Desktop virtualization has a predicted growth curve that leaves much of the PC and IT services industries smiling: Yet none of the technologies or service providers promising to offer hosted virtual desktops are ready to step into key roles in enterprise IT infrastructures, according the same well-respected analysts who set the server virtualization market on its ear with a similar conclusion last year.
"Very simply, none of the hosted virtual desktop providers can match the requirements for the enterprise," according to Chris Wolf, infrastructure analyst at The Burton Group (purchased recently by Gartner) who presented a critical report (registration required) at last week's Synergy Citrix conference in Las Vegas.
Both Citrix and VMware are prepping versions of their products that do satisfy Burton Group's requirements in storage, infrastructure, management, performance and other characteristics, and both are fine for department-level deployments, Wolf says.
No Shipping VDI Makes the Grade
But no shipping VDI product set is ready right now for large-scale deployments, Wolf says.
The report, which Burton presented at the recent Citrix Synergy end-user conference, looked specifically at Virtual Desktop Infrastructure (VDI) products from VMware, Citrix, Microsoft and a range of smaller third-party vendors.
VDI, though used almost generically to refer to other forms of desktop virtualization, means specifically to run a desktop operating system and all of a users applications on a backend server without allowing other users to share the software or running much, if any, of it on the users own hardware.
Other models stream applications or the operating system from a server to the user's machine and execute there, stream applications in the same way, or let many users share the same set of OS and applications.
Those approaches make up, by far, the largest part of the market, according to research from International Data Corp., which predicts only 10 percent of enterprise desktop clients deployed this year will be virtual ones of any form.
VDI is also more expensive than other formats because of the high requirement for server and network resources. A November, 2008 Forrester Research report estimated each VDI user would cost an organization $1,760 for the cost of thin client, server, storage costs and licenses for virtualization software, desktop OS and applications.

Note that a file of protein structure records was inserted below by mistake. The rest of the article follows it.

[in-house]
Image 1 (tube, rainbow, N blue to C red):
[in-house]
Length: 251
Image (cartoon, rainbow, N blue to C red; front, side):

In April, Natalie Lambert, the Forrester analyst who wrote the report and now works for Citrix, estimated that cost had dropped by almost half because more powerful servers could support more users for a lower price tag than during 2008.
That trend will continue, according to IDC analyst Ian Song, but the cost of VDI is still several multiples above streaming applications or streaming OS versions, making the cost prohibitive for most users even if there were no support, security or management complications.
Streaming applications, OSes and traditional terminal-services-based applications have been around long enough that the costs and security have been bulletproofed. Not so VDI.
"The main issues are in security; neither of the biggest products, Citrix or VMware — both of which we talked with and tested these criteria with — have a good semblance of role-based access control or scalability of management don't allow for delegated administration," Wolf says.
"Citrix especially has been talking recently about customers with tens of thousands of seats, even one sale that will eventually be 140,000 seats. We're not saying you can't do that," Wolf says. "There are lots of big installations of shared-services versions. With VDI the management consoles top out at 5,000 users and you can only set two levels of access. So you'd have stacks of these consoles of 5,000 users each and everyone would have minimal access as a basic user or would be a super-admin. That just won't scale."
Relief By Late Year?
Both Citrix and VMware will have updates out by the end of the year that eliminate the 5,000-user limit on management consoles and will make security and access control far more granular; that they haven't done so to this point shows that even their larger installations are for relatively small pools of users — 2,000 to 5,000 for the most part, not tens of thousands, Wolf says.
Of the two biggest vendors in the comparison, compared, Citrix' XenDesktop 4.0 Platinum came closest to meeting Burton's criteria — which included the quality of user experience, network, storage and back-end virtual infrastructures, management, security, licensing and other issues.
Still, the best it could do was qualify as being "suitable for department-level deployments and SME-class organizations."
That's probably the best way to look at VDI anyway, as compared to other ways to deliver IT resources to a desktop virtually, according to Tony Lux, purveyor of technology at Kansas City based regional craft brewer Boulevard Brewing Co., which used Pano Logic virtual desktops to automate its brewhouse.
It didn't virtualize the desktops of its office workers, however.
"The good thing about virtualizing with something like [zero-client specialist] Pano Logic is that on the brewfloor the computers are generally running one app at a time and it works great," Lux says. "We put one office user on it and took him back off pretty quickly. He told us after the fact that he needed to be more mobile and we couldn't support that, or use Windows 7 if we wanted to."